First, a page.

If McGuire had to guess, the failing of this year’s bond has to do with voter exhaustion.

“Unfortunately, when it’s election time, people are bombarded with political ads and information and pretty much tune a lot of it out, which is unfortunate, because in this case they need to understand the reality. And the reality of 27 and 28 kindergarteners starting school is chaos,” she said.

Now, another reality Bethel parents and students are facing is redrawing of boundaries, moving more students to the less-crowded southern area of the district.

“We’re just maxed out,” Seigel said. “What you do is you basically end up cramming more kids in each classroom because you don’t have any other alternative.”

Bethel was a year-round school district between 1974 and 1981 — also due to failed bonds. It’s possible it could happen again. The Bethel School Board passed a resolution in April allowing the district to search for solutions to the overcrowding problem, including developing a plan for year-round school. The plan, if approved by the board, could be implemented as soon as 2021.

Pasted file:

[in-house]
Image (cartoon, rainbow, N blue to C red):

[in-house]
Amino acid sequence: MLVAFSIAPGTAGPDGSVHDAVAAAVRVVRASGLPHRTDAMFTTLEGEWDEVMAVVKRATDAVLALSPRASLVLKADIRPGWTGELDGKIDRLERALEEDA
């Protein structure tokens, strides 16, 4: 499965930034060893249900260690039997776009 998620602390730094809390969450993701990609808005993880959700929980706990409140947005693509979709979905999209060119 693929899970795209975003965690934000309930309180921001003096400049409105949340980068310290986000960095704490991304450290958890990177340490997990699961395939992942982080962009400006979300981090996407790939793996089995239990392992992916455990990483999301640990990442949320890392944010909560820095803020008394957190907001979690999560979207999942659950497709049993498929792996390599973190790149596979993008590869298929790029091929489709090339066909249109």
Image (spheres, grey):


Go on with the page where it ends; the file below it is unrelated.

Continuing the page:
But year-round school is not the district’s first choice. It’s more expensive, and buildings deteriorate faster. To save money, transportation could be reduced.

“There are a whole bunch of cascading consequences,” Seigel said about year-round school.

As of Friday, the Pierce County auditor’s office expected they’d have 95 percent of the votes in. Bethel’s bond is currently failing with a 55.59 percent approval by voters.

Seigel isn’t optimistic it will pass.

There are things the district can do to survive, but none of them are optimal. Seigel believes a change needs to be made in the bond passage process, and it starts with the Legislature.

“If we had a 50 percent requirement, we wouldn’t be having this discussion right now,” he said.

Allison Needles: 253-597-8507, @herald_allison